Today, rather than wander through the city once more, I'd be headed to a lesser island to hike through the paved beauty of Lamma island.
In Antarctica I met a guy who I discovered, on the last day in BA, lived in Hong Kong. He said I should give him a shout when I get in. I did. He proposed that I go hike the island with him and his friends. What a jolly good idea, I thought, and so plans were made. Today they'd come to a head.
While the weather had been threatening rain, today was a perfectly perfect day and the sun was high, the sky was blue, and the clouds existed only for artistic reasoning. We boarded a ferry and made our way out from the city centre. I love boats. I do. It's the act of being rocked on the water, and feeling at peace with your surroundings. Mind you, there can be too much rocking – Drake Passage? That's less than fun. But everything up to that?
When we got to the island, our group of a dozen and a half collected ourselves and set out. Making our way through the entrance town to the island, we passed by souvenir shops, and stalls selling food on sticks, and other such treats.
While the island's path was a paved one, and less than rough hiking, people had come from all over to experience the route this day. Hiking under tropical trees, we made our way out to a beautiful beach. I don't know what I thought Hong Kong would be – but not this. Surely it was all city, and smog, and shopping. No way could there be an island only twenty minutes away by ferry, perfect for the exploring. And yet there it was.
While most people kept to the path, there was no need for that. No rules disallowed you from going down into the thick, and making your way to the isolated beaches below, where boats docked just outside in safe waters, allowing their passengers easy access to the water's edge.
Rather than going to beaches it seems that people in Hong Kong rent these boats with fifty of their closest friends, and turn them into a floating party. It's easy, inexpensive, and in a city with little accessible land – a brilliant compromise.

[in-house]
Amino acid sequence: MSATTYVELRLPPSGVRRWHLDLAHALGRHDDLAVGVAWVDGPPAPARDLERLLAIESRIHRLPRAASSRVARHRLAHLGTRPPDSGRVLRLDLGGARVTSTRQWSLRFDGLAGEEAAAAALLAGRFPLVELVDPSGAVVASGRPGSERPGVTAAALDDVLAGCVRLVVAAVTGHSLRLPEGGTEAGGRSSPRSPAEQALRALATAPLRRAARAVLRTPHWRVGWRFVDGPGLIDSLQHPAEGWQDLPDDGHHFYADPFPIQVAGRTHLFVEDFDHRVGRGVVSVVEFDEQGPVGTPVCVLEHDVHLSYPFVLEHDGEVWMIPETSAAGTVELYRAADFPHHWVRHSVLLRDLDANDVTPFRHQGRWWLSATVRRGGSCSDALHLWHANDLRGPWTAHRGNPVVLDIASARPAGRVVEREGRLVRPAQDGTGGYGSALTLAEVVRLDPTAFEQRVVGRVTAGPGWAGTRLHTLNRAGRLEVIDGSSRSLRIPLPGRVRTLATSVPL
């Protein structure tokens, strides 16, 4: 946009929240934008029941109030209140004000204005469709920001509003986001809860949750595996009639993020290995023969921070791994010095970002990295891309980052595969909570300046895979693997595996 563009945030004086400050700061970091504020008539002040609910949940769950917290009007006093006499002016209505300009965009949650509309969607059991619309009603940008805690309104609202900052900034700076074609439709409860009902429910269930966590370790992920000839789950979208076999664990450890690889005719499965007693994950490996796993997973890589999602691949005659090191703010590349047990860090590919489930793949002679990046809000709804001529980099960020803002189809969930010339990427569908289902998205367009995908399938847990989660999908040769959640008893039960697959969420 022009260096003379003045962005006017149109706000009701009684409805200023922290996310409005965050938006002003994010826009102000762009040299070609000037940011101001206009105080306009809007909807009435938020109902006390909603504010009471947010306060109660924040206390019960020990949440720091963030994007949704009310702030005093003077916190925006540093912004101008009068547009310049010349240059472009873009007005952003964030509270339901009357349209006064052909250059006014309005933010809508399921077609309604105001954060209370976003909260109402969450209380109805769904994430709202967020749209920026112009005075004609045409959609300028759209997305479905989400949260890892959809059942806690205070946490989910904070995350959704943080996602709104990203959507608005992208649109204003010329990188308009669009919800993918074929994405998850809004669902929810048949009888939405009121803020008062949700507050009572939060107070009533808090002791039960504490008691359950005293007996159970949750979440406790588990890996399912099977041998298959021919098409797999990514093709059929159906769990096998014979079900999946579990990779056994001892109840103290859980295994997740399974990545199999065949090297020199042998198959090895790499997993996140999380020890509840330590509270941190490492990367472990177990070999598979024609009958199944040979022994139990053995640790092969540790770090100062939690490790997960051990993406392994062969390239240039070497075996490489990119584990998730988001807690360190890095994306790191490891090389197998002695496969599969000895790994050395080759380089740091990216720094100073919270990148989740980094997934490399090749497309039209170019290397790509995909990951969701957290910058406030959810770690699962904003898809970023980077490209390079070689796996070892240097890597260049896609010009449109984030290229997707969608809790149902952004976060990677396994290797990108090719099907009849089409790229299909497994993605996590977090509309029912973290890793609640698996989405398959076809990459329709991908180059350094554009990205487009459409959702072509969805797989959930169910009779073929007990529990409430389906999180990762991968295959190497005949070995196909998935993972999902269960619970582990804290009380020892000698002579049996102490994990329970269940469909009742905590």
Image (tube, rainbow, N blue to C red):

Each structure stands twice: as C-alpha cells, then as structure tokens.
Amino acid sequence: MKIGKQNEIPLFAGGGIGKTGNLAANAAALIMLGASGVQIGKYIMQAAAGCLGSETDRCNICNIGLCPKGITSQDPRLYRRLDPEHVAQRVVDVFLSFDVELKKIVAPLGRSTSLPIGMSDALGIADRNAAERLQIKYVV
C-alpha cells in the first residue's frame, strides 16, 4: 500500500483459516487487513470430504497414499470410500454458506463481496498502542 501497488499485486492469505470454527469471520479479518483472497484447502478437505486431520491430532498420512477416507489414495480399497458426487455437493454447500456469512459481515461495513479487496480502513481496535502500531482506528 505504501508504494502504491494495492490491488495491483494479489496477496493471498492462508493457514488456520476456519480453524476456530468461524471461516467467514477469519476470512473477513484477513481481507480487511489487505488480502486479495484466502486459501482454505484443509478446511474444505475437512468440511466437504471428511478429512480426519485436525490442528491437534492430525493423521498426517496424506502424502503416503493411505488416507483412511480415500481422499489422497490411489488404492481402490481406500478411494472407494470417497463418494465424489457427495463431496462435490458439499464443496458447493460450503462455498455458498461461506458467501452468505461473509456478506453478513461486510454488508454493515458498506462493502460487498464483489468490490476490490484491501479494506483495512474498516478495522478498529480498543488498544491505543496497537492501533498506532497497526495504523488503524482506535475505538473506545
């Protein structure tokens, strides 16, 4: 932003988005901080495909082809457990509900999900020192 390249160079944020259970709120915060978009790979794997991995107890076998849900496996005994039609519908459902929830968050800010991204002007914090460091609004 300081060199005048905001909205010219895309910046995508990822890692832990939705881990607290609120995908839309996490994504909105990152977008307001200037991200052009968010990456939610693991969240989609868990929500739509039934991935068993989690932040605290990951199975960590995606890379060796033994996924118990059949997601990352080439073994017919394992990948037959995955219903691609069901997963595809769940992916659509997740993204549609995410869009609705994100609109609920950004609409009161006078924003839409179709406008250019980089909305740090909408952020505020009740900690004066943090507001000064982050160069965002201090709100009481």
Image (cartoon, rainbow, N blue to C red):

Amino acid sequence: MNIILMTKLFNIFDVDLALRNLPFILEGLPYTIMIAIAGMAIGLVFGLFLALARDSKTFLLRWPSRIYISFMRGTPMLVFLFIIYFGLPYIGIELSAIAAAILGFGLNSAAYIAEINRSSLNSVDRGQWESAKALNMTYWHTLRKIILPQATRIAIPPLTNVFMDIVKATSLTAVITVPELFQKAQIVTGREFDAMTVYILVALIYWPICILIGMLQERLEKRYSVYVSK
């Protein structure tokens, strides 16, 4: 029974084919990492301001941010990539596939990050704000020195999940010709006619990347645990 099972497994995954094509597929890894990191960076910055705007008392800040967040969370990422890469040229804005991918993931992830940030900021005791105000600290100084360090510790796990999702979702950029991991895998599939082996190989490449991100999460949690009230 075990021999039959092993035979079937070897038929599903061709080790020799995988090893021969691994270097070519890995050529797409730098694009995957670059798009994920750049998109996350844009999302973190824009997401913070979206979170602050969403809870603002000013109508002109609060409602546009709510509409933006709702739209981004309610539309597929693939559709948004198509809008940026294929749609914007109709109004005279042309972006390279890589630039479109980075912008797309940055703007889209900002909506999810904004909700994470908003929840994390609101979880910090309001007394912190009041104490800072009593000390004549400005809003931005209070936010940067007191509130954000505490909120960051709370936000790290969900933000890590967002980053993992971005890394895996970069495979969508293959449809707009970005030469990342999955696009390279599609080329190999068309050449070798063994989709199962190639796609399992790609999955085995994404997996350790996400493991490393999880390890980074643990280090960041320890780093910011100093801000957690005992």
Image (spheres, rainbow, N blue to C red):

The only thing that stands out as odd here is the power plant, resembling the one from Midgar, just off the end of the beach. Built within living memory, the plant is an ugly reminder of the city life, even all the way out here.
Still, it almost seems to be modern art, the way it just sits there, knowing it doesn't belong, and yet challenging everyone who sees it. The juxtaposition is delightful, and even those who hate it still can not help but take image after image of its hideousness.
Near the beach is a woman who sells tofu with syrup. This is a famous Hong Kong dish. Have it. Have it hot. It's much better than you'd ever imagine.
When we reached the end of or trail we found ourselves in other village on the island. What was this place? Mostly a giant restaurant. A giant restaurant where we were to have lunch. And oh the lunch it would be! Fish, and sea food – prawns, clams, and a variety of other foods that absolutely terrified me!
Put down on a giant revolving wheel, the meal was laid out piece by piece. First up? Two types of clams. Normal food to everyone else, but something strange and terrifying to me. For the moment I would just watch a child using a straw to blow bubbles with terribly toxic goo which he would then play with. A normal children's toy here, which would never be allowed in the government-controlled safety of North America.